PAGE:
Jean Nidetch, founder of the global weight-loss company, Weight Watchers, died at her Florida home on Wednesday. She was 91.
The concept for Weight Watchers was hatched in 1961 when Nidetch, who described herself as an "overweight housewife obsessed with cookies," was 38 and weighed more than 200 pounds. She decided to shed the pounds and enlisted a group of six friends who also wanted to lose weight to meet in her living room in Queens, New York and provide each other with moral support.
Nidetch had always struggled with her weight and experimented with countless "fad diets." She even tried a 10-week diet at an obesity clinic but could not stop eating Mallomars, chocolate-covered marshmallow cookies, The New York Times reported.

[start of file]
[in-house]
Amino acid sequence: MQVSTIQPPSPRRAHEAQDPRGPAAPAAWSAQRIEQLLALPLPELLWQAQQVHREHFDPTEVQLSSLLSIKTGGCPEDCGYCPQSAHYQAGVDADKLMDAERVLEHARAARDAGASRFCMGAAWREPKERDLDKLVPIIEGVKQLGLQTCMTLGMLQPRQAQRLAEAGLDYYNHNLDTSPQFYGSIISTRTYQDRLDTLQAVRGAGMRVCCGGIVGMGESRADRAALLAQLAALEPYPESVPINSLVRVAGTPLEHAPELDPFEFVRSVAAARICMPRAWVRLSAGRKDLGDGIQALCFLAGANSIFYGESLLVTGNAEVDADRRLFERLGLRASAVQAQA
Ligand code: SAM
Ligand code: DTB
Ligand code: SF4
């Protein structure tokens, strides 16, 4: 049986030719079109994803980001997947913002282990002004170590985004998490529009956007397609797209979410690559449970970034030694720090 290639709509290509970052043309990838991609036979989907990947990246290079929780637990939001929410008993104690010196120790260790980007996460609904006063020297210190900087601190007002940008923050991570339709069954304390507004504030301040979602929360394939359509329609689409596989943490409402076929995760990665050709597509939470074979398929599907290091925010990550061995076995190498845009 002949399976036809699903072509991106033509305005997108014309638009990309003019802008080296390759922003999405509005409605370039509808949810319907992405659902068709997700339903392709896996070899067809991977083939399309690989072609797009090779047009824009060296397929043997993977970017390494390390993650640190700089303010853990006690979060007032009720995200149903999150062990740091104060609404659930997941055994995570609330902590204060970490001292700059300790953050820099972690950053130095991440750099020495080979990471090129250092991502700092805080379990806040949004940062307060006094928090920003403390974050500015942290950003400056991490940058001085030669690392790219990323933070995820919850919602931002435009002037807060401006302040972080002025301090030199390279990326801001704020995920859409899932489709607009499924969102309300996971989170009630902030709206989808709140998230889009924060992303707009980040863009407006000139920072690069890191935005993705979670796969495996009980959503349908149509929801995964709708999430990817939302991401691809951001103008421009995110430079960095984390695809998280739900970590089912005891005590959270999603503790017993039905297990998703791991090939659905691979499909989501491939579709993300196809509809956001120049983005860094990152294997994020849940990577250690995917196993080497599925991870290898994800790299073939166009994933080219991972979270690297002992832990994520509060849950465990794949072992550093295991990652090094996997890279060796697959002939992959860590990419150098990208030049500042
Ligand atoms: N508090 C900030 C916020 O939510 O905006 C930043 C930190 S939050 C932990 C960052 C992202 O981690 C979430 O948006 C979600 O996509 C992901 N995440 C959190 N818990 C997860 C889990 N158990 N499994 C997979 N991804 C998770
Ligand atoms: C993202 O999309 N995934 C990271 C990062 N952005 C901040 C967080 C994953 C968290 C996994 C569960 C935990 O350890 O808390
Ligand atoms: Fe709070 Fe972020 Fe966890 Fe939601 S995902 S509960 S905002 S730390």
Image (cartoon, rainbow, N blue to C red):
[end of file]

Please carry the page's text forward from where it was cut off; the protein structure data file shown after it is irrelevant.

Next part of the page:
It wasn't until a neighbor mistook her for being pregnant in 1961, that Nidetch finally decided to do something about her weight.
Within two months, 40 women were meeting weekly at Nidetch's home to chart their weight-loss and help to keep each other accountable, according to an obit on the Weight Watchers website.
She wound up losing 72 pounds and in 1963 launched Weight Watchers. Today the company holds 36,000 meetings each week and operates in about 30 countries.
In 1968, the company went public and 10 years later was sold to the H.J. Heinz company for $71.2 million, The New York Times reported. Nidetch continued to be the international face of the company until 1984.
She wrote three books, established a couple of university scholarship programs and in her later years she continued as a consultant to the company she founded.
New York City Mayor Michael Bloomberg proclaimed March 25, 2013, as "Weight Watchers Founder Celebration Day" to honor Nidetch.